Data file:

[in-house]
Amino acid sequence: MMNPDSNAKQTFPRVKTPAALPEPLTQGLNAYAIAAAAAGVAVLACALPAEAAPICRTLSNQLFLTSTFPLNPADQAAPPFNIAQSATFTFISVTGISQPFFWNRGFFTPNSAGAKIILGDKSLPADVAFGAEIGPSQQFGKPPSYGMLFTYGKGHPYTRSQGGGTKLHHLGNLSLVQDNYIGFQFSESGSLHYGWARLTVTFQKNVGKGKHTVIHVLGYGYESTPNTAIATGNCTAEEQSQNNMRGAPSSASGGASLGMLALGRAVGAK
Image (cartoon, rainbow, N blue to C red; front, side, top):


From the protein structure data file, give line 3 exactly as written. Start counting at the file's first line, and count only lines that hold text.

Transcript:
Image (cartoon, rainbow, N blue to C red; front, side, top):